With increasing complexity, financial models become more prone to errors. While you can never be sure if a model is completely correct (let alone accurate), you can avoid mistakes with a few easy best practices.
What to check
Some things are obvious to check and applicable to almost every financial model - for example, comparing the sum of assets in a balance sheet to the sum of equity and liabilities. Other reasonable checks may come up during the financial model after you found the first errors. Sometimes, your models will require checks that are highly specific to the industry, region, project etc. Here are a few examples of common checks you should include in your model:
- Do the total assets in your balance sheet amount to the same as the total equity and liabilities?
- Is the result of your cash flow statement equal to the movement of cash in your balance sheet?
- Do percentages sum up to 100%?
- Do user inputs make sense, e.g. does a project's construction phase finish before its operating phase?
- Is the book value of tangible assets at the end of a project's construction phase the maximum over the whole project period? (This may not apply to all models, but may give a hint to errors for many.)
- Are dividends only paid out when cash is positive?
Defining a tolerance level
When you have some experience with Excel, you have probably come across a lot of rounding errors when calculating decimal numbers - sometimes in the 8th, 9th, 10th digit after the decimal point. The reason is that computers calculate using binary representations, and sometimes this can lead to inaccuracies with decimal numbers. Without going into too much detail, there will be cases in which a sum should be 0, thus letting your check result in "OK" - but instead, due to Excel inaccuracies, the sum is something like 0.00001034, and you receive an "ERROR". In order to avoid this, it is highly recommended to define a tolerance level. This could be done on one of your general input sheets - you should then assign the range name Tolerance to that input cell. Having done that, you can now use that tolerance level in your checks.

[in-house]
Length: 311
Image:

Checking for one specific period can be done like this:
With this formula, the error sum for the position will be 0 if the sum of all difference is below your tolerance level:
Whenever there is an error, your formulas will now show a 1. In order to increase usability of your financial model, you should assign a new number format, for example:
Now, errors will be shown as a flaming-red ERROR, whereas a blue OK indicates that your checks were okay. By using 1 and 0 instead of text strings, you can add up your check rows:
(You might also want to take a look at the article Working with Flags.)
The "Master Check Sheet"
The principle of summing up checks does not only apply to single sheets. You can sum up your per-sheet sums on one "Master Check Sheet" and ultimately form a sum that tells you if all of your model checks result in "OK" or whether there are one or more errors.
As you can see in the example, now the number of errors is shown, as well. This can be done by tweaking the number format for the cells a little bit:
[Red]#" ERROR(S)";[Red]#" ERROR(S)";[Blue]"OK"
By including the # sign, you tell Excel to show the number that is stored in the cell, followed by ERROR(S).
Showing the check results on every sheet
Having a master check is extremely helpful. However, it's a bit impracticable to always have to look on that particular sheet to see if something goes wrong, especially when your model grows into dozens or even hundreds of sheets. But there is an easy solution: In your check sheet, have one cell in the header that says "All checks OK" if your master check is OK, and "ERROR" if it's not:
=IF(MasterCheck=0;"All checks OK.";"There are " & MasterCheck & " errors!")
In this case, we assigned the range name MasterCheck to cell B1 in the Master Check Sheet that was shown above. We then link to that cell from every other sheet, preferably in the same position. Now, you can see the result of your master check from everywhere in your model instantly:
Distinguish between error checks and model outputs
When deciding which checks to include, you need to distinguish between actual error checks and model outputs. For example, when you model a project's business plan that includes taking up a bank loan, it is very common to show the interest cover (or sometimes called debt service coverage ratio, DSCR) for each period. For user convenience, your calculation should highlight critical values for the DSCR, i.e. when it comes close to or even falls below 1 - that would mean the project EBIT would not suffice to serve the bank interest. However, a check like this should not be shown as an error because it does not mean the model as such is incorrect: It only means that under the given assumptions, the project would not be profitable enough. Make sure to treat this and similar checks as model outputs, not as error checks.